Re: sndconfig problems: sound only works until reboot
Joris Huizer wrote:
I don't know wether this is important so to be sure I
In an old email I found somebody suggesting lspci;
Here is the output:
00:00.0 Host bridge: OPTi Inc. 82C701 [FireStar Plus]
00:01.0 ISA bridge: OPTi Inc. 82C700 (rev 31)
00:0a.0 CardBus bridge: Texas Instruments PCI1131 (rev
00:0a.1 CardBus bridge: Texas Instruments PCI1131 (rev
00:12.0 VGA compatible controller: Neomagic
Corporation NM2160 [MagicGraph 128XD] (rev 01)
00:13.0 USB Controller: OPTi Inc. 82C861 (rev 10)
00:14.0 IDE interface: OPTi Inc. 82C825 [Firebridge 2]
Now, I thind this output a bit confusing: Not a word
about ESS 1869, so does this mean this laptop doesn't
have that card?? I saw at a few pages this card is
normally used on Compaq Pressario 1245 - but why isn't
it showing up?? Or is it named differently somehow?
Can this output help anyone help me what the sndconfig
does to make sound work - temporarily :-( ?
It tells me that the sound chip ISN'T hooked directly to the PCI bus.
It is probably sitting off the ISA bus, and probably ISN'T Plug & Play.
More helpful to me is your origianl post saying you got it working with
the SoundBlaster drivers via Sndconfig, but the settings disappear when
you re-boot. I suspect what is happening is the proper modules &
settings are being inserted into memory via modprobe, but the file
changes needed to re-load these modules on the next re-boot are NOT
I have not used Sndconfig here recently, but as I recall it first
tested the system with the requested modules & settings, THEN wrote the
proper changes to /etc/modutils/sndconfig file if they worked. I am not
sure what it did after that, but once this file is written, it "should"
have run "update-modules" to re-write the /etc/modules.conf file with
the new settings. This is the file that is read at every bootup to
insert the desired modules. You shouldn't edit the /etc/modules.conf
file directly, but let it be re-written by "update-modules".
I suggest you take a look and see if the "/etc/modutils/sndconfig" file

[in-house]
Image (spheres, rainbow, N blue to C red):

is present on your system. It "should" be there as a result of your
previous incantation of Sndconfig. If it is there, just run the command
"update-modules" as root, and try a re-boot. That should make it work.
If it isn't there, you should re-run sndconfig and make sure you
"save" the changes. Check /etc/modutils/sndconfig to make sure it is
there and jump into the above routine.
Finally, it is possible that Sndconfig is not doing what it is supposed
to do. It could be "broken" (have you checked the buglists?) or
something else is interfering with it. I noticed in previous posts that
you had experimented with ALSA. ALSA will work, but I have found it to
be a bit more difficult to setup. IF you have any ALSA stuff still on
your system, it could easily be interfering with the OSS sound setup
used by sndconfig. I would suggest sticking with one or the other. IF
you want to use sndconfig, remove all the ALSA packages. IF sndconfig
isn't writing the file mentioned above, you could always try inserting
the needed modules with the "modconf" program. Once you know which ones
are needed, then using modconf will insure they get inserted properly
and will be re-loaded upon the next reboot.
BTW, this is just an "educated guess". I don't have that particular
sound chipset here...
BTW, I put a question on a forum but after one
response (and my answer) they got silent - is this an
unusual problem or something ?
I went to the Debian-User Archives and searched on your name in order to
review the original post on this subject. I notice you have over 30
posts to Debian-User on a variety of subjects... most with LOTS of
answers! I think you should be able to answer your question with a
little thinking. People DO help... when they think they have something
to contribute... I suspect not too many people have run into your
particular "problem" on this one. Personally, I feel a bit
uncomfortable "guessing" at a solution to your problem since I don't
have your equipment here, but I thought I would add the above
"generalities" for whatever they are worth. If you think about it,
lists like this one NEVER solved a "problem"... all they do is point
you in the proper direction for YOU to solve it! After all you are the
one at the keyboard and with the hardware...